BY DREW CHAMPLIN | email@example.com
TROY – Troy defensive end Tyler Roberts’ hair and beard is growing like NFL star linebacker Clay Matthews of the Green Bay Packers.
On the field this season, expect the redshirt freshman from Hoover to make some plays like Matthews does as well.
Roberts, who is 6-foot-1 and 225 pounds, is pushing fifth-year senior Jacoby Thomas at the bandit position as the Trojans prepare for the Sept. 1 season opener at UAB.
“He’s breathing down his neck right now,” defensive line coach Randy Butler said. “He’s going to play a lot and probably play just as much. I expect them to battle the whole season.”
Roberts had a storied career at Hoover High School, perhaps the top football program in the state. The regimen and intense practices prepared him for the college level, and he’s prepared to go back to work after sitting out last year as a redshirt.
Who could blame him? As a senior, Roberts had 107 tackles, 14 sacks, 11 tackles for loss and 37 quarterback pressures, according to the Birmingham News. That same newspaper named him the Hoover Zone Player of the Year.
“I’m ready to play,” Roberts said. “I redshirted last year and it bothered me sitting out and not getting to play. I didn’t like sitting in the stands.”
Roberts was playing linebacker last season, but when Troy switched things up on defense and implemented the bandit end position, Roberts was a natural fit. He did the same work at Hoover, playing defensive end but shifting to a hybrid rush/cover end when the situation called for it.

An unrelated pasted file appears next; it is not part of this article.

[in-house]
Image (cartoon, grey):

“He does some things that you’d like to say you coach,” Butler said. “He can rush the passer. He plays with great leverage and he’s been taught well. He comes from a great program and he’s been taught well. He’s just got that ‘it’ factor.”
Roberts used to keep his hair in a buzz cut, but just started growing it out for no particular reason. He said he has heard the comparisons to Matthews, but is focused on improving each day on the practice field.
“I feel like it’s going good,” Roberts said. “I’m learning a lot playing behind these guys and challenging myself when I get in there. Jacoby’s pushing me and I’m pushing him. We’re both making each other better and both learning from each other.”
Roberts also listed an exhaustive list of injuries – broken toes, wrist, hand, a broken femur and collapsed lung as a result of a four-wheeler accident when he was a kid – as stuff he’s had to overcome. He certainly plays with a reckless abandon on the field, and Butler thinks he’ll be even better if he can put on more weight.
“We’d like to have him about 235 (pounds), but he’s effective at 225,” Butler said. “When he gets a little bigger and stronger, he’s just going to be that much better.”